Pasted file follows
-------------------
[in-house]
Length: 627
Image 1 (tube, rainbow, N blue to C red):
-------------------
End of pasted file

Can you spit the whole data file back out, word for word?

[in-house]
Length: 627
Image 1 (tube, rainbow, N blue to C red):